Monday night’s speaker was NY Times columnist and Pulitzer Prize winner, Maureen Dowd. As with most speakers, she shared her personal relationship with art and connected her path to all of ours. Her speech is full of motivational quotes. I’ll share just one section of her speech here, and hope it’s enough to entice you to listen to the whole program:

“Without the arts, people would have underdeveloped imaginations. With underdeveloped imaginations, they would not lead either meaningful lives, or moral lives. Because without the representations of ‘otherness’ in art, you cannot imagine the pain or poverty that someone else is feeling. Nobody experiences everything. Everybody needs supplements. Everybody starts out too small for certain purposes and we need to be shone what’s possible. You can’t be a fully formed human being based only on your own experiences. We need to see other lives.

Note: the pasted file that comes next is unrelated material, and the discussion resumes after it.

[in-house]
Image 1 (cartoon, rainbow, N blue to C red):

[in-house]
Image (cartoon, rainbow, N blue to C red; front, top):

Art is precisely such a long and deep and disquieting tutorial for the individual imagination. You will not act to relieve suffering unless you understand it. And if you are not experiencing it yourself, as I hope you are not. The only way you can understand it by seeing depictions of it in movies and elsewhere in the culture.”

~ Maureen Dowd

The second day of the event is the actual work on the hill. This experience is both daunting and empowering. Five to ten minutes of a congressman or senator’s time can be a huge opportunity to inform them of the importance of the arts for their constituency. Their support of budget, policy and programs has long impacts. It is in that moment when you have to choose which story will support the evidence and the data expertly gathered by the the Americans for the Arts.